An irony: I spent another day at the Marlborough Unit for Prisoners with Intellectual Disabilities at Port Phillip Prison, and I was blown away (in a totally positive sense). Here, on the grounds of a maximum security prison, Michelle Enbom, the Disability Unit Coordinator, ran a facility-within-a-facility for prisoners with a range of intellectual disabilities in a way that perfectly reflected TJ values. Proof positive that this can be done in a prison setting. I observed this before I did any of the court observations, so I was not able to ask Michelle how some of the issues I raised above might be remediated. I hope to do this in the future.
One of the central principles of TJ is a commitment to dignity, a value that must permeate the justice system (5). With my colleague Naomi Weinstein, I have recently argued that “attorneys must embrace the principles and tenets of therapeutic jurisprudence as a means of best ensuring the dignity of their clients and of maximizing the likelihood that voice, validation and voluntariness will be enhanced” (6).
Again, the magistrates, the lawyers, the court personnel that I saw all embraced these principles and did the most they could to “ensur[e] the dignity of their clients.”
It is truly a shame that the other issues that I have raised here diminish that dignity. I wish I had a solution.
Join the discussion on how TJ can drive reform…leave a comment below …
*While there, I was a Distinguished Visiting Scholar at RMIT Law School. My thanks to Professor Penny Weller, for making that happen and for all her kindness. My thanks also to Magistrate Pauline Spencer for her generosity and her support for my entire time in Australia. I am eternally grateful to both.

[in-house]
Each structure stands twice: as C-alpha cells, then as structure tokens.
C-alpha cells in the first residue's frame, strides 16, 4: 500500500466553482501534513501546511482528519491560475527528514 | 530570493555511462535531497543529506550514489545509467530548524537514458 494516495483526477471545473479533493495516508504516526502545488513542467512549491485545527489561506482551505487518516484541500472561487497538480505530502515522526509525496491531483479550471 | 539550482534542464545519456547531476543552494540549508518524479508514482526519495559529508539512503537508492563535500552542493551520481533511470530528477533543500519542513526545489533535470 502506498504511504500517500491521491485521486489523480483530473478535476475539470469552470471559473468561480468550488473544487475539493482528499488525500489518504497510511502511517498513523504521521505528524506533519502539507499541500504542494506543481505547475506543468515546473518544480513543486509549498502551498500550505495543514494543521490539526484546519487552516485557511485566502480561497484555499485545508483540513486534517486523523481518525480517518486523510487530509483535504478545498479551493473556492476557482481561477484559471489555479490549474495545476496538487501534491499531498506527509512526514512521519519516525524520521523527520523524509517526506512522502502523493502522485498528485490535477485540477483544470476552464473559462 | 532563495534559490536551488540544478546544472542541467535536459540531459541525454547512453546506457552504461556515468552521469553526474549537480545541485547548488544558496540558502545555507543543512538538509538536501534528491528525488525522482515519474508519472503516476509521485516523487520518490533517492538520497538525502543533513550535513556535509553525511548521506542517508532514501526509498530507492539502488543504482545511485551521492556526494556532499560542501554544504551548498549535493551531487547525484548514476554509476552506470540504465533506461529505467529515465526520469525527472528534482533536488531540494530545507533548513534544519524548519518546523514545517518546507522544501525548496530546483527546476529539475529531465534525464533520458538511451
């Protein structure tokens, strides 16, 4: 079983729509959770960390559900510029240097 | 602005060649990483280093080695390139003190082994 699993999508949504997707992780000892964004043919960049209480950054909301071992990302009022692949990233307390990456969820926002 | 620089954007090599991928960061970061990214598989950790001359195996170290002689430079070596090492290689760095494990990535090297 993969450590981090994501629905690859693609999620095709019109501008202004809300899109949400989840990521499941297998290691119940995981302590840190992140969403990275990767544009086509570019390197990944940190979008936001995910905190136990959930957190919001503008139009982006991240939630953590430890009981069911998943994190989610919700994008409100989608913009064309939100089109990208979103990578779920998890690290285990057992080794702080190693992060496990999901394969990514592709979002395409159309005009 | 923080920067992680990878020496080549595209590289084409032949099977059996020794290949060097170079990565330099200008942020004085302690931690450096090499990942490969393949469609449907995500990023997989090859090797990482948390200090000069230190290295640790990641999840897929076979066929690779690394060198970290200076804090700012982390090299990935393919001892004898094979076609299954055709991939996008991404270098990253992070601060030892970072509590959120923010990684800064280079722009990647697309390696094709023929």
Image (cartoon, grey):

(1) See e.g., Bruce J. Winick, Foreword: Therapeutic Jurisprudence Perspectives on Dealing with Victims of Crime, 33 Nova L. Rev. 535, 535 (2009); David B. Wexler, Practicing Therapeutic Jurisprudence: Psychological Soft Spots and Strategies, in Daniel P. Stolle, David B. Wexler & Bruce J. Winick, Practicing Therapeutic Jurisprudence: Law as a Helping Profession 45 (2006))
(2) Bruce Winick, A Therapeutic Jurisprudence Model for Civil Commitment, in Involuntary Detention and Therapeutic Jurisprudence: International Perspective on Civil Commitment 23, 26 (Kate Diesfeld & Ian Freckelton eds., 2003))
(3) Michael L. Perlin, “His Brain Has Been Mismanaged with Great Skill”: How Will Jurors Respond to Neuroimaging Testimony in Insanity Defense Cases?, 42 Akron L. Rev. 885, 912 (2009)
(5) Bruce J. Winick, Civil Commitment: A Therapeutic Jurisprudence Model161 (2005)
(6) Michael L. Perlin & Naomi Weinstein, “Said I, `But You Have No Choice’”: Why a Lawyer Must Ethically Honor a Client’s Decision About Mental Health Treatment Even if It Is Not What S/he Would Have Chosen,— Cardozo Public L., Pol’y & Ethics J. —(2017) (forthcoming), accessible at https://papers.ssrn.com/sol3/papers.cfm?abstract_id=2828288, manuscript at 69-70